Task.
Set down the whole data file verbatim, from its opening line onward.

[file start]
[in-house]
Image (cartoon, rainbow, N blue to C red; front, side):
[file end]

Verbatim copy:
[in-house]
Image (cartoon, rainbow, N blue to C red; front, side):